All the team members can agree on some set of guidelines to help. We are following these fun guidelines that are working very well for us: No person can talk for more than 1 minute at a time. Every person in the team must talk. Every person must nominate the name of another person in the team, at the end of his/her turn. The nominated person will then talk ...


4

One possibility would be using a tool like Slack. Create a team news channel. Anyone who hears any relevant news or notes any significant comments/events during the day will add them as a message on the channel. People returning to work after having been away can scroll back through the news.


4

I see two parts to your question, and they have very different answers: How can I get the most accurate estimates? There's a huge amount of information on this question, including techniques like smaller tasks (as you correctly proposed), relative estimates, team estimates, planning poker, and more. How can I trust the estimates I am given, since I don't ...


3

It's interesting that you are questioning the role of the SM but not the PM. There is no Project Manager role in Scrum and the PM shouldn't need to assign roles and tell an experienced team how to work. I would start by having a word with the PM and seeing if they are happy that the team should self-organize. If not then the PM is the real problem, not the ...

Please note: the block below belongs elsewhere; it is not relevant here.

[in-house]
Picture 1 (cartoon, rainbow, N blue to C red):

3

A few additional suggestions that we've tried with some success: To specify seating order, you can do things like: have everyone roll dice (slack has a D&D dice roller app, use /roll d100 to get a good dynamic range) have everyone say their favorite color then go in spectral order choose the first person by something lighthearted like oldest car, or ...


3

It's best to avoid using group titles like defenders and apathetics. The map in ProjectManagementBlueprint conveys the same stakeholder analysis but without the labels. It also uses the phrase engage and consult instead manage closely.


3

If the presence of any team member is reducing the performance and productivity of any activity, remove the problem. To expand on my answer a bit: a chilling effect brought on by a "superior" in the room is not uncommon. A lot of factors play a part in that, including the degree of "rank" gap between the boss and the team, cultural ...


3

Ask the developers for relative estimates rather than absolute ones. With relative estimation the development team put a points value on each deliverable item which measures its relative size and complexity, not its expected duration. You can then measure the actual number of points completed over a certain time (velocity). Velocity is an evidence-based ...